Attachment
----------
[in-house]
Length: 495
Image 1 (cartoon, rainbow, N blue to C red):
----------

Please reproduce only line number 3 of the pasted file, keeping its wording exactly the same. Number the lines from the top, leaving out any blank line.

Image 1 (cartoon, rainbow, N blue to C red):